Nine New Sanctuary Movement members were arrested at the White House to demand that Obama immediately act to end all deportations and expand Deferred Action to all. We joined 112 immigrants and clergy from throughout the U.S. in this non-violent civil disobedience. All of the arrestees were released.
Meet the nine New Sanctuary Movement members arrested to end deportation:
I come to tell the President that the immigrant community has waited patiently. He has been the most punishing president in terms of numbers of deportations. I come in solidarity with deported people and jailed children at the border, who are victims of the US’ unjust economic laws. I’m here to find a positive solution for the immigrant community.
Injustices should not be permitted anywhere in the world. As a citizen of the world, it’s my moral obligation to make my voice heard and act.
Deportation perpetuates degrading and discriminatory views of human beings and the families we create. The peace of our country and my individual life depends on how we treat “strangers,” pilgrims and sojourners.
I’m risking arrest because as an immigrant I have a responsibility to advocate for myself and my community. As a mother, I have an obligation to teach my children, who are the next generation, to love unconditionally. I want my friends, children, and family to know that we shouldn’t be afraid because we have truth in our stories. And before the eyes of God we are all brothers and sisters and have the right to work, dream, grow, and breathe freely in whatever part of the world that God created, without feeling like unjust laws, politicians, and certain individuals are drowning us with words and feelings of hate.
I’m angry and ashamed that our elected officials continue to punish people who come to the US longing for the same safety and stability that I and my own family desire. As a follower of Jesus, I try to act with compassion and love, and to stand beside those who are suffering. We want humane policies that relieve suffering – not further deportations and militarization of our borders.
There is no reason we cannot welcome 50,000 children into our country. There is no reason we cannot address the economic and political roots of migration, and there is no reason we cannot create a compassionate and welcoming immigration policy. But we have given into fear and turned our backs on our common humanity. I am getting arrested as an act of outrage, but also as an act of faith that the power of nonviolent love is greater than the White House, Congress and a militarized border; and as a an act of hope in a better world where not only have we stopped deportations, but have broken open the borders of our hearts.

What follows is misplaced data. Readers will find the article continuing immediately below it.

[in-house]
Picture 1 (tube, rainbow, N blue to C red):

My congregation served as a Sanctuary Church in the early 90’s. I have a deep sense of solidarity with the people of El Salvador. I know from personal relationships the heavy toll that gang-violence has on families. In this small act of civil disobedience, I stand in companionship with sisters and brothers from El Salvador and families throughout Central America.
We marched for civil rights and to stop the Vietnam war, and nobody listened. Then we learned the power of civil disobedience to make change. I hope today moves people to join us in our struggle for immigration reform, that soon there will be 10,000 of us blocking the streets of our capital. Then they will listen.
I, Reverend Adan A. Mairena, an ordained Presbyterian Church (U.S.A) and pastor of the West Kensington Ministry at Norris Square in Philadelphia, am willing to be arrested because I am morally obligated to put my Christian faith into action. The words of Emma Lazarus, that are engraved on the Statue of liberty, compel me to act against the injustice of not welcoming people, especially children and women fleeing physical and economic persecution, into our great country that prides itself on the ideals of liberty and freedom. Lazarus calls Lady Liberty “A mighty woman with a torch” and the “Mother of Exiles” who proclaims “Give me your tired, your poor, your huddled masses yearning to breathe free.” She continues and writes “Send these, the homeless, tempest-tost to me,I lift my lamp beside the golden door!” I believe that people are a gift of God and that we, especially the followers of the teachings of Jesus, are obligated to welcome the stranger and that we are responsible for each-others’ well-being. For these reasons in a clear and conscientious state of mind I am willing to be arrested for that in which I believe.